Hill was born on April 6, 1789 in West Cambridge, Massachusetts (now Belmont). He attended the schools of West Cambridge and Ashburnham, Massachusetts. He was then apprenticed to a printer in Amherst, New Hampshire.
In 1809 Hill moved to Concord, New Hampshire, where he became owner and editor of the New Hampshire Patriot newspaper, which he operated until 1829.
Hill was Clerk of the New Hampshire State Senate in 1819 and 1825.
A Democratic-Republican, he served in the New Hampshire State Senate from 1820 to 1823 and 1827 to 1828. In 1826 he was a member of the New Hampshire House of Representatives.
Hill supported Andrew Jackson for President in 1828. When Jackson was inaugurated, he appointed Hill as Second Comptroller of the United States Treasury, a position Hill held from 1829 to 1830. Hill became a Jackson confidant, and was considered a member of the Kitchen Cabinet, a group of unofficial advisors who played a major role in shaping the administration's policy.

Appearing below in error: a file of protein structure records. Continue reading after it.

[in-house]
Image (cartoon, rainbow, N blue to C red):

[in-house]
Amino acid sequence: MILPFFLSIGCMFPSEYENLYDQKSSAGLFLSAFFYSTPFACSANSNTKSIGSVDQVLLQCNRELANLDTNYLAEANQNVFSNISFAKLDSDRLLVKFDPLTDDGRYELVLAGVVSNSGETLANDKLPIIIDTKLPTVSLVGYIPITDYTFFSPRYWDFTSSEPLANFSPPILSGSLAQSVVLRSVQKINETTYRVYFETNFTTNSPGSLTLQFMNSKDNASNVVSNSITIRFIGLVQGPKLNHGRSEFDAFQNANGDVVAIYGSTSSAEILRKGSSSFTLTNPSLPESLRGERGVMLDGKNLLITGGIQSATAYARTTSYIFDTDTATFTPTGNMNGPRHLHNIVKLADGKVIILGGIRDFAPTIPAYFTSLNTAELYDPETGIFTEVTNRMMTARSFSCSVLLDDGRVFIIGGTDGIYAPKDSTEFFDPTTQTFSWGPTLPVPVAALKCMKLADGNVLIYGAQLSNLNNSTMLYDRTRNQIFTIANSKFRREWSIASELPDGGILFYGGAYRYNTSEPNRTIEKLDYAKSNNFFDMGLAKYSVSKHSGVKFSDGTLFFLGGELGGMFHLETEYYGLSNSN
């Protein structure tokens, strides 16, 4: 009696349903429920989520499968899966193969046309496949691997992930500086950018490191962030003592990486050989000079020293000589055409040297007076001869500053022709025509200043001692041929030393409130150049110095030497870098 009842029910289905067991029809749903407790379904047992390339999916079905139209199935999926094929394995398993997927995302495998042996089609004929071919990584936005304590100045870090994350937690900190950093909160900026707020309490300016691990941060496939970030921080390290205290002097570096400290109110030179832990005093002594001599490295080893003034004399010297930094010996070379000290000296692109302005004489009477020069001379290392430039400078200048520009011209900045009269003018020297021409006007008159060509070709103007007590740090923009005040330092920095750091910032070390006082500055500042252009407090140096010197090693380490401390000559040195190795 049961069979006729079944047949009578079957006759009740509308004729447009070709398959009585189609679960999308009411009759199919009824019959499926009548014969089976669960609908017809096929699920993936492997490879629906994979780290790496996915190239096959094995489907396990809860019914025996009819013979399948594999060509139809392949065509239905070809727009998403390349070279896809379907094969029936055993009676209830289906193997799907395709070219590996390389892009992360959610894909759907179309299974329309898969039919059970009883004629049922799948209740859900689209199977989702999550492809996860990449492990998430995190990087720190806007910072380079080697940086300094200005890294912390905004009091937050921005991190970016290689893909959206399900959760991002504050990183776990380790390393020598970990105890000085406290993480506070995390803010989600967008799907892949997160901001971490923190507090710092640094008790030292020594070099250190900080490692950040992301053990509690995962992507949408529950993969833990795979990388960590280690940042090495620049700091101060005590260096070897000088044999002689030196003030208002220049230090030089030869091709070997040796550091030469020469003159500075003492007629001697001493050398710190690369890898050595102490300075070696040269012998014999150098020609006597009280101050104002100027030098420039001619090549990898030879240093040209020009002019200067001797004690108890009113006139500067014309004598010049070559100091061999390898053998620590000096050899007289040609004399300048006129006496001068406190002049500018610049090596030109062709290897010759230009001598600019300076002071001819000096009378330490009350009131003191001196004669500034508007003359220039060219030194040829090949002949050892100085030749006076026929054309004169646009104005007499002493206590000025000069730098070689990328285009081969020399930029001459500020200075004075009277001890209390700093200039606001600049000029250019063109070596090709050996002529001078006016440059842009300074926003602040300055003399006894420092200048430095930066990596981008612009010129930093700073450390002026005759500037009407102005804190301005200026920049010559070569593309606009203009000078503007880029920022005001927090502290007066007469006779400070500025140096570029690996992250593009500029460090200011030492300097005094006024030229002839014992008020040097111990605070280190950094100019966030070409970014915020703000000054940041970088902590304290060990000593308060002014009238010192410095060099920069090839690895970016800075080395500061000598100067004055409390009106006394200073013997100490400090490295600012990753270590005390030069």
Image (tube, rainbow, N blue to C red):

In 1831 Hill was elected to the United States Senate as a Jacksonian. He served from March 4, 1831 to May 30, 1836, when he resigned in anticipation of assuming the governorship.
Hill was elected Governor in 1836. He was reelected twice, and served from June 2, 1836 to June 5, 1839.
From 1840 to 1841 Hill was Subtreasurer of the United States Treasury office in Boston, Massachusetts. From 1840 to 1847 he was owner of another newspaper, Hill's New Hampshire Patriot, which was edited by his sons.
Hill also became active in other ventures, including railroads, real estate and banking.
He died on March 22, 1851 in Washington, D.C., and was buried at Blossom Hill Cemetery in Concord.
The town of Hill, New Hampshire is named for him.